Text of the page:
Rantings, reviews and lists from a person who structures half his life around obsessing over music.

Thursday, October 11, 2007

Radiohead - In Rainbows (2007)

5.0 ★/10.0

Buffered by the controversy of its unique release, few will be able to judge In Rainbows simply for what it is. Indeed, it seems that almost every review has begun with a discussion about the “pay-as-much-as-you-want” internet-only release (this one included). Perhaps it’s justifiable. The creativity and balls that Radiohead showed with their experiment was refreshing, to say the least. Nevermind the implications it suggested to the music industry; just think about the profound experience fans must’ve had, waiting till midnight on October 9’th, 2007. Released merely ten days after it’s announcement, In Rainbows never had a chance to lose momentum. There was no chance for a leak. Fans didn’t have to deal with that slow anti-climatic process of waiting months and months after a release date is announced, then drag themselves to the nearest record store during their lunch break. Everyone heard the album at the exact same time and, for a single night, a record release was once again an event. But with this understanding of how exciting the experience of the album was, it might be easy to overlook the material itself. So it's relieving that after the dust settles, In Rainbows remains one of those rare albums that actually completely lives up to its hype. Quite simply, every single song works; an accomplishment which, this late in Radiohead’s career, may finally be enough to cement their ranking in the same tier as the Fab Four themselves.

That often-made comparison between Radiohead and The Beatles may be a bit of a cliché, but that doesn’t make it any less true, especially when examined on an album-to-album basis. You see, Pablo Honey represents the entirety of The Beatles' pre-Rubber Soul work - pleasant, but ultimately shallow, dated and ordinary. The Bends, much like Rubber Soul, was the band's first sign of ambition. Although firmly rooted in the same style, it showed mastery of the form, greater depth, and hints of future experimentations. Taking the place of Revolver, OK Computer pushed that adventurism to the forefront and introduced the “new Radiohead” as we know them now - paranoid, uneasy, and brilliant. Kid A, however, was their Sgt. Pepper. It was their single-minded and bodied statement, their great leap into the unknown and their vie for perfection. And then they dropped their White Album with Hail To The Thief: a sprawling work that went in all directions at once. So, as you guessed it, In Rainbows completes the parallel and functions as Radiohead's Abbey Road. On it, Radiohead take their last 10 years of experimentation and graft it onto their old style of songwriting, resulting in a work that concisely sums up their career in 10 distinct tracks.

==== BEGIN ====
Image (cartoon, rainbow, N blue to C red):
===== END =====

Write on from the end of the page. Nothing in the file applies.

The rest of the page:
Each song captures a different side of Radiohead, clear already from the drastic differences between the two leading singles; “Jigsaw Falling Into Place,” plays like “A Wolf At The Door” sped up, capturing the frantic Radiohead in their most paranoid form, whereas the dub version of long time fan-favorite, “Nude,” is quite possibly the most beautiful and reserved thing they’ve ever put to tape. But, of course, it has major competition with “Reckoner”. Initially, the album’s centerpiece feels underwhelming in comparison to every other track and comes off as the weakest of them all. But as the band has insightfully stated in interviews, In Rainbows’ two halves are held together by the song’s understated pianos and string arrangements, and repeat listens reveal it to be a gorgeous and essential piece of the album.